Bach, Ravel, Schubert: Charles Owen (piano). Wigmore Hall. London. 12.5.2011 (KC)
J S Bach: Partita no 6 in E minor BVW 830
Ravel: Le Tombeau de Couperin
Schubert: Piano sonata in A minor D845
Impromptu in G flat Op. 90/3
The Bach constituted a magnificent beginning. The Partitas were Bach’s first published instrumental works and the sixth Partita is the most difficult of them. They were published one by one when Bach was just over 40; not early works exactly, it would seem. This particular Partita begins with an imposing Toccata and finishes with an intricate Gigue, one which Misha Donat describes as ‘the most severe piece of its kind Bach ever wrote’. The Toccata has declaratory grandeur. It reads like something written for the organ.
Charles Owen used a Steinway. He thus played the Partita – with panache and bravura – on a modern instrument. He made no apology; nor did he play staccato-like and quietly so as to suggest to us that he just might be playing on a harpsichord. No, this was full-blooded playing – forthright and vigorous. (Yet, in style, it was no extract from a late-Romantic piano concerto.) In concept, this was neither classical nor romantic. The style was modern, robust, contrapuntal, with strong inner voices and just the occasional romantic intonation. This was a Bach of body and temperament as well as mind – a human being, not a sewing-machine.
I had a mixed reaction to the Tombeau de Couperin – Ravel’s suite comprising a prelude, a fugue, a toccata and three traditional French dance forms. A ‘Tombeau’ commemorates a distinguished person’s death, in a formal lament. Ravel wrote his ‘tombeau’ for Couperin during the First World War, reviving the format, which had lapsed. It may be that the ‘distinguished person’ concerned is France itself, for the work encompasses both the French cultural heritage (epitomised by Couperin) and the personal loss to Ravel of several close friends killed in the trenches. He named six of them as individual dedicatees to each of the six movements.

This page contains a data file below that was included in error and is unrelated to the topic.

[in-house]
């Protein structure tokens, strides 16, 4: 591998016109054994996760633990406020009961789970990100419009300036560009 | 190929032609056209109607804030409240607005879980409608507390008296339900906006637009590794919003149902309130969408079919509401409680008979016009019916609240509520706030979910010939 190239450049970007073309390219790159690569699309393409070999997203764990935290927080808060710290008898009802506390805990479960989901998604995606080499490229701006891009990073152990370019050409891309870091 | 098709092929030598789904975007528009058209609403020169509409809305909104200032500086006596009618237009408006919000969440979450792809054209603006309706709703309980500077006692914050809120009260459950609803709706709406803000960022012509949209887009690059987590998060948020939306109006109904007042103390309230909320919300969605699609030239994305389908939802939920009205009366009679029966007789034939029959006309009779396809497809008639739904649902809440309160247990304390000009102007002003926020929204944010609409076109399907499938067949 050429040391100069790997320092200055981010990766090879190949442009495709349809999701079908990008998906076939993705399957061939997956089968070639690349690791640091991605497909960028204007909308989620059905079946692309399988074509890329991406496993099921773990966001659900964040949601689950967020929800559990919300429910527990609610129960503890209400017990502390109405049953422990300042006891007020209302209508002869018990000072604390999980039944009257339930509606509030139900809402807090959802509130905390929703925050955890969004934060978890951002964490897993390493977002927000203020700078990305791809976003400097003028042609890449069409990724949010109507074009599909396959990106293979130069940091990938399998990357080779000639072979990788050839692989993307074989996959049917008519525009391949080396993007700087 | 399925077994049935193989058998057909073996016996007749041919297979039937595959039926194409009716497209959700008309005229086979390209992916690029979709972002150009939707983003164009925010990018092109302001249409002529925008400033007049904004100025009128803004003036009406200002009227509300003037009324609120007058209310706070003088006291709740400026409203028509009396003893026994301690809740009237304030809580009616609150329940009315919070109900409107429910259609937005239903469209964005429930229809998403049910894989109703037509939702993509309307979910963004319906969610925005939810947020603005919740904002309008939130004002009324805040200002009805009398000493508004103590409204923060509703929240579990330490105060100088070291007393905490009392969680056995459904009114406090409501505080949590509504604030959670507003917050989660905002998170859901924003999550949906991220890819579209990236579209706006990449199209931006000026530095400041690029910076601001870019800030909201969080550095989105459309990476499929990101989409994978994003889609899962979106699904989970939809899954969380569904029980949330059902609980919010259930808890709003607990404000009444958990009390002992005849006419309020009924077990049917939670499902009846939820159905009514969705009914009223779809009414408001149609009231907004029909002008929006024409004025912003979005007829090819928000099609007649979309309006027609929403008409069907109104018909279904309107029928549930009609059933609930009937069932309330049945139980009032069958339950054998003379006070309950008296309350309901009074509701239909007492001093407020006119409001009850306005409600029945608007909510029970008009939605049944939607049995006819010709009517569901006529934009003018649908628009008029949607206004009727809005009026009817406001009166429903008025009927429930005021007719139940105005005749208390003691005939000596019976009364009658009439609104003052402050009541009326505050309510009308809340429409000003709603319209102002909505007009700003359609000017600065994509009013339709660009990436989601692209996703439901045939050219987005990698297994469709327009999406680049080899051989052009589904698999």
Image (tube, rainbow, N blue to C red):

We heard the original version – for piano. It is technically difficult – indeed, Charles Owen was unsparing of himself in choosing this concert programme for himself. At its premiere in 1919, Marguerite Long – wife to a former student of Ravel’s, a fallen friend – was the soloist.
I found the performance perplexing. There was little indication of the work constituting a lament – though that is much due to the emotional reticence of Ravel’s writing. What we had instead was a robust turbulence, interspersed with fragments of poised emotional stillness. It was as though a heated, impassioned Claude Debussy was dominating an entretien with Maurice Ravel … with Ravel only managing the occasional half sentence from time to time. Furthermore, the dance movements (forlane, rigaudon and minuet) did not dance; nor did the fugue sound particularly fugal. Even less did the performance suggest the lively formality of Couperin or the French keyboard tradition. I was at a loss.
The Schubert, on the other hand, was engrossing, gripping and powerful. Charles Owen seemed to have marched back into home territory and, with ease, resumed mastery of it. I do not mean he put his feet up, for this is a formidable, driven sonata – in Owen’s hands, a lashing, rolling masterpiece.
The particularly fine first movement moves with concentrated power from resigned sadness to stricken outburst, with a vibrant moment of sunlit joy. The monumental, rocklike gravity of its structure was impressive – a tribute to Charles Owen’s firm and capable command of the content. (There was no suggestion of self-indulgent meandering on the composer’s part.) The theme and variations were more restrained, but deliberate, explorative and poised. The concluding rondo – allegro vivace – had the agitated liveliness of nerve endings all a-tingle. The movement grew in power, swelling into melody that briefly intertwined jubilation and heartbreak. It ended in a powerful, thrusting helter-skelter, likely to speed off into the far distance, had it not been brought to heel by two peremptory, definitive stamps of command. Tautly and stiffly, Charles Owen took his applause, unsmiling. This was the body language of someone who had already given his all.
Almost immediately, he sat down and gave us a rippling, soothing hearing of Schubert’s Impromptu in G flat. This was a flowing solace. Life was beginning again after those peremptory stamps of command a few minutes earlier. Charles Owen’s stance was much more relaxed now. He smiled. Clearly, he had needed to play this particular Impromptu as much as we had needed to hear it.